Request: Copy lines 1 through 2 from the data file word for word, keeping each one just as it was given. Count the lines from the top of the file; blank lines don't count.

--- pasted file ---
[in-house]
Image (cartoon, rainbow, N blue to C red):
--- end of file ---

[in-house]
Image (cartoon, rainbow, N blue to C red):